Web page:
Media:Reports_on_Circuits - Genomics and Bioinformatics

Report
Programming Bacteria for
Optimization of Genetic Circuits
Principles – Math Problems
• Computation of solutions to Math Problems such
as NP complete problems
– Bacterial computers
• We can encode these math problems in biological terms and
solve prototype versions of them
• We have a problem scaling to enormous sizes because of the
number of bacteria in a culture or the number of DNA
molecule in a reaction
– Silicon computers
• As long as the problem is not too large, they can outperform
bacterial computers at this task
Maybe bacteria cannot beat Bill Gates at his own game…
Principles – Biological Problems
• Computation of solutions to Biological problems such as
Optimization of Genetic Circuits for Synthetic Metabolic
Pathways
– Silicon computers
• Programs have been developed for the determination of the best
genetic circuit elements for use in controlling pathways
• Incomplete inputs and models lead to inaccurate predictions
• Computers can only model the biological system
– Bacteria
• Could be programmed to compute solutions to these problems
• Bacteria are not models of the system, they are the system
But perhaps bacteria can beat Bill Gates at their own game.
Biological Problem
• Say we have a synthetic metabolic pathway
– Examples? How would we pick one? We could pick one
that enables selection
• Assume that we don’t know how to optimize the
output of the pathway in terms of the following
variables
–
–
–
–
Promoters
RBS
Degradation tags
Order and orientation of genes
• How do we built a system that would allow us to
explore combinations of the above variables?
Mathematic Expression of Problem
O = output of metabolic pathway in terms of the concentration of the
product
P = promoter elements
R = RBS elements
D = degradation tags
G = order and orientation of genes
O = fcn (P,R,D,G)
Fitness = fcn (O)
• We need to explore this 4 dimensional sequence space for each of
the genes in the pathway
• We need to examine the relationship between the optimized
function for each of the genes
• We need to connect the output of the pathway to fitness of clones
Genetic Circuit and Metabolic Pathway
Gene Expression A
Gene Expression B
Gene Expression C
Gene Expression D
Precursor X
Enzyme A
Intermediate A
Enzyme B
Intermediate B
Note: Since we are
developing a method
here, we can pick a
pathway that suits our
purpose
Enzyme C
Intermediate C
Enzyme D
Product D
Gene Expression Cassette
=
Gene Expression A
A
LVA
= one of the elements of the promoter set
= one of the elements of the C dog set
A
LVA
= fixed as coding sequence A, B, C, or D
= one of the elements of the degradation set, eg.
LVA, GGA, PEST, Ubi-Lys
Element Insertion
• Use GGA to insert elements
• Elements carry BbsI sites for initial insertion
• But we want to be able to reinsert elements
later, after selection of other elements
• So, elements carry BsaI sites for reinsertion
• Alternate between BsaI and BbsI for multiple
rounds of insertion
GGA - BbsI Element Insertion
BbsI
BsaI
BsaI
BbsI
To be inserted
BbsI, Ligase
BbsI
BbsI
To be replaced
A
BsaI
BsaI
final product
A
Same idea for
A
LVA
GGA - BsaI Element Insertion
BsaI
BbsI
BbsI
BsaI
To be inserted
BsaI, Ligase
BsaI
BsaI
To be replaced
A
BbsI
BbsI
final product
A
Same idea for
A
LVA
Genetic Circuit
A
LVA
B
GGA
C
LVA
D
GGA
Protocol Step 1
• Use GGA in vitro to place one promoter element
from the promoter set into each of the four Gene
Expression Cassettes
• Transform E. coli
• This establishes the Starting Population promoter
allele frequencies
• Culture for one or more generations under
selection for optimal production of product D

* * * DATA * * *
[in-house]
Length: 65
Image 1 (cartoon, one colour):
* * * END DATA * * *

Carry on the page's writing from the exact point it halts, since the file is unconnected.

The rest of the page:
• Do minipreps and measure Selected Population
allele frequencies
Genetic Circuit
A
LVA
B
GGA
C
LVA
D
GGA
Protocol Step 2
• Use GGA in vitro to place one C dog element from
the promoter set into each of the four Gene
Expression Cassettes
• Transform E. coli
• This establishes the Starting Population C dog
allele frequencies
• Culture for one or more generations under
selection for optimal production of product D
• Do minipreps and measure Selected Population C
dog allele frequencies
Protocol Step 3
• Use GGA in vitro to place one Degradation Tag
element from the promoter set into each of the
four Gene Expression Cassettes
• Transform E. coli
• This establishes the Starting Population
Degradation Tag allele frequencies
• Culture for one or more generations under
selection for optimal production of product D
• Do minipreps and measure Selected Population
Degradation Tag allele frequencies
Important note: Maybe using degradation tags is redundant with the transcriptional controls
Protocol Step 4
• Express Hin and reshuffle the orientation and order of
the Gene Expression cassettes
– Allow complex effects of readthrough transcription
– Eg. 384 combinations for 4 genes??
• Transform E. coli
• This establishes the Starting Population
Order/Orientation allele frequencies
• Culture for one or more generations under selection for
optimal production of product D
• Do minipreps and measure Selected Population
Order/Orientation allele frequencies
Protocol Additional Steps
• Go back and repeat Step 1, if desired
• Repeat Step 2, or Step 3
• Explore the sequence space in whatever way
you want, informed by mathematical
modeling
z
w
y
x
w=1
z
w
y
x
z=2
z
w
y
x
z
w
y
x
Fitness
• We need to connect the optimization of the metabolic
pathway to bacterial cell fitness:
Fitness = fcn (amount of product D)
• Easier Idea
– Product D is tied to cell generation time
• Harder Idea
– Product D will do the following
•
•
Increase Fitness by protecting the cell that makes it (Protection)
Decrease fitness of surrounding cells (Attack?)
Fitness Easier Idea
• Product D will cause derepression of a gene
product that shortens generation time
Product D
Repressor 1
Fitness Gene
Fitness Harder Idea
• Product D will cause Hin and Blue luminescence expression
• Blue luminescence will interact with optogenetic system to express Death
Gene (Attack)
• Hin will enable expression of a repressor that will turn off the Death Gene
expression (Protection)
Product D
Bacteriorhodopsin
Repressor 1
Hin
Flip
Repressor 2
Blue
Signal Transduction
See Jeff Tabor work
“Multichromatic
Control of Gene
Expression” JMB
SacB Death Gene
Important note: this is a placeholder genetic circuit that could certainly be improved upon
Why separate steps for element
insertion?
• We cannot explore all the combinations at
once
• For 16 promoters, 8 C dogs, 4 degradation